Level: Junior & Senior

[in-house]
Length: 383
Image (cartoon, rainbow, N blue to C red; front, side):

Description: Almost 40% of the world’s population is overweight or has obesity. Obesity has become a central focus biological research as well as policy. Billions of dollars have been spent on public health interventions, biological interventions, diets, and exercise regimens. However, the obesity rate among adults and children has been steadily increasing globally. Why is this happening? How do we even define obesity? Does that definition truly reflect health? Why do we even have fat to begin with…actually what even is fat?!? Why are humans prone to obesity? These are just some of the questions we will address in this class. Using non-traditional methods and assignments, we will discuss adipose tissue and digestive physiology, the role evolution has played in the human propensity hold onto fat, diet and exercise, food insecurity, therapeutic interventions, as well as the physical and mental health consequences of having obesity. We will use this as a basis to investigate the biological and cultural factors including stigma, race, and gender that shape our perceptions of body image and health in the midst of the obesity epidemic. Finally, this course will include occasional laboratory exercises to familiarize you with the methods used to assess body mass, body composition, metabolic rate, and point of care measures of biomarkers like glucose and cholesterol. In this course you will gain an appreciation of the breadth and depth of human variation. You will engage with the material in both traditional and non-traditional ways in order to broaden your skillset and hone both your speaking and writing skills while also developing honest self-assessment skills.